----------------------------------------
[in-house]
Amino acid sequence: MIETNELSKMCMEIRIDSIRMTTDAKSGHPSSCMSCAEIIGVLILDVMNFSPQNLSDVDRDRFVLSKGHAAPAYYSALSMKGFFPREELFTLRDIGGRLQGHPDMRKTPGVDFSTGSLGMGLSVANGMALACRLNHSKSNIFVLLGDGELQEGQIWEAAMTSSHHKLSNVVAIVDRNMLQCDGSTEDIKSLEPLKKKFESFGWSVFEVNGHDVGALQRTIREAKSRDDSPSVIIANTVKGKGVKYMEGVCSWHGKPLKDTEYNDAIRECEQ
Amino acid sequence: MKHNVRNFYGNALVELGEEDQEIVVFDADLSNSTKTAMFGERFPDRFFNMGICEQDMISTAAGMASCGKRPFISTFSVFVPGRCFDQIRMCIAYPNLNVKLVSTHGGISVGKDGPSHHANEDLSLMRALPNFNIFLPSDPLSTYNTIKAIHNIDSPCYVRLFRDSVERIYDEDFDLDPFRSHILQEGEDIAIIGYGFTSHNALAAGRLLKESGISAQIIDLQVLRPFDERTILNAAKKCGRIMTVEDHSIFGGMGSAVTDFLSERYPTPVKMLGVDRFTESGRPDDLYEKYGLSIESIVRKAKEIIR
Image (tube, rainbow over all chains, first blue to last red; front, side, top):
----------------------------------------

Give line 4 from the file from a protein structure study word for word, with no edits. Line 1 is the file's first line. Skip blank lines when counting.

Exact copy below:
Image (tube, rainbow over all chains, first blue to last red; front, side, top):